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Topic: what's inside a micro controller? (Read 2 times) previous topic - next topic

mohitgupta322

I wanted to know which components are there in micro controller and how they work and also what work they do in microcontroller  ? please explain or give links that provide the theory regarding it.
please do not explain in too technical language and if u want to use any technical term please explain it. And yes I am just a newbie at electronics.........
THNX a lot. :)

James C4S

http://en.wikipedia.org/wiki/Microcontroller
Capacitor Expert By Day, Enginerd by night.  ||  Personal Blog: www.baldengineer.com  || Electronics Tutorials for Beginners:  www.addohms.com

Jack Christensen


http://en.wikipedia.org/wiki/Microcontroller


Once you read that article, click on the first link in the article that is not in parentheses or italics, read that article, then repeat. You will eventually get to Philosophy, at which point you should have a good grasp on microcontrollers and most everything else. Feel free to take side trips by clicking any link for a term that is too technical, but be sure to backtrack and follow the main chain of articles as described above.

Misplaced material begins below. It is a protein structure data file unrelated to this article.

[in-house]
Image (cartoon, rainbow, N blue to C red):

MCP79411/12 RTC ... "One Million Ohms" ATtiny kit ... available at http://www.tindie.com/stores/JChristensen/

mohitgupta322

@jack

thnx for directing me what to read first in wikipedia.....i was so confused but now i really have some image of microcontroller and now can understand how can they be so small

Bobnova



http://en.wikipedia.org/wiki/Microcontroller


Once you read that article, click on the first link in the article that is not in parentheses or italics, read that article, then repeat. You will eventually get to Philosophy, at which point you should have a good grasp on microcontrollers and most everything else. Feel free to take side trips by clicking any link for a term that is too technical, but be sure to backtrack and follow the main chain of articles as described above.

Intrigued, I tried this. It actually narrowly avoids philosophy and goes into a loop centered around the Mediterranean, language and biology.
Before you get to that loop there is a significant amount of useful electronics information though.

Yes, I do realize it's a bit of an old topic.

kf2qd

Actually, inside any microcontroller is SAND. Very refined sand....

CrossRoads

Designing & building electrical circuits for over 25 years. Check out the ATMega1284P based Bobuino and other '328P & '1284P creations & offerings at  www.crossroadsfencing.com/BobuinoRev17.
Arduino for Teens available at Amazon.com.

Jack Christensen




http://en.wikipedia.org/wiki/Microcontroller


Once you read that article, click on the first link in the article that is not in parentheses or italics, read that article, then repeat. You will eventually get to Philosophy, at which point you should have a good grasp on microcontrollers and most everything else. Feel free to take side trips by clicking any link for a term that is too technical, but be sure to backtrack and follow the main chain of articles as described above.

Intrigued, I tried this. It actually narrowly avoids philosophy and goes into a loop centered around the Mediterranean, language and biology.